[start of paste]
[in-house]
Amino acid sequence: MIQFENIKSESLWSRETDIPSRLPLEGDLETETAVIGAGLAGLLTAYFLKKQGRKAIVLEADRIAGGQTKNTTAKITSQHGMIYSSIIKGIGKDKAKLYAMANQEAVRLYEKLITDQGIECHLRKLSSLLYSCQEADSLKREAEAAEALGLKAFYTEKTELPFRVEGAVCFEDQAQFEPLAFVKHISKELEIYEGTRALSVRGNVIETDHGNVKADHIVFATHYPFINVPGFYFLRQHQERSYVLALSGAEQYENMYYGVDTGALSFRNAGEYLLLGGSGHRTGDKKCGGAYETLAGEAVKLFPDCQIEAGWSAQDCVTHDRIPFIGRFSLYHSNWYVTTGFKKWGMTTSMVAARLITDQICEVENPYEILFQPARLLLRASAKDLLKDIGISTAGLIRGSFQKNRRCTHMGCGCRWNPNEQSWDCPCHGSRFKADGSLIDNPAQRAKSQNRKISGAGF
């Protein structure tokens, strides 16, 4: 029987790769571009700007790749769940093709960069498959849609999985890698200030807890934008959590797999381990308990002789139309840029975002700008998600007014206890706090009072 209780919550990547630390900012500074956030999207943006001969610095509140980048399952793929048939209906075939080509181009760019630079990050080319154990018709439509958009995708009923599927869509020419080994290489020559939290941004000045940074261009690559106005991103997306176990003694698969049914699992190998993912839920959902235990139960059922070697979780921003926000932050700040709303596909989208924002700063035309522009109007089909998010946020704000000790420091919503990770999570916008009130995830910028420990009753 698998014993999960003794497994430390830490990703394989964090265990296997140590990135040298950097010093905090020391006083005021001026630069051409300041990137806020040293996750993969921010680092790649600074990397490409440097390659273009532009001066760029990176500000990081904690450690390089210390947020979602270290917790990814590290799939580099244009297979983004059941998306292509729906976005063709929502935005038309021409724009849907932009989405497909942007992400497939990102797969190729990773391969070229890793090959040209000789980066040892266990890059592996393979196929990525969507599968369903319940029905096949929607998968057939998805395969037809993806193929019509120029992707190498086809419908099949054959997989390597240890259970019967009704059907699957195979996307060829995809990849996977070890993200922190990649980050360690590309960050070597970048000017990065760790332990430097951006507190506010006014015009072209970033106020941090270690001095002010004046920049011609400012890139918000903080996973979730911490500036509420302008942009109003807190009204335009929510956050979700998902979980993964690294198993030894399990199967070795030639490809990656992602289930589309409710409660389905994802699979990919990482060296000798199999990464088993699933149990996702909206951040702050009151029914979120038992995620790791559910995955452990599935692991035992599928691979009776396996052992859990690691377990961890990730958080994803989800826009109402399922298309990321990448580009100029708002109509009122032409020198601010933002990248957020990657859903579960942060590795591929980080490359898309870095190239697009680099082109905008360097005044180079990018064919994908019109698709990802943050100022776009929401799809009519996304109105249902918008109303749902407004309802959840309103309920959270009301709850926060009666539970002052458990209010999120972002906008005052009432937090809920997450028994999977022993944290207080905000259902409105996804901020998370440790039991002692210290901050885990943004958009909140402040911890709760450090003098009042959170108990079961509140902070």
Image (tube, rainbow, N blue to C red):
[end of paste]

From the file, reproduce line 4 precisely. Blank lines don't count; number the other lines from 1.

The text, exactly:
Image (tube, rainbow, N blue to C red):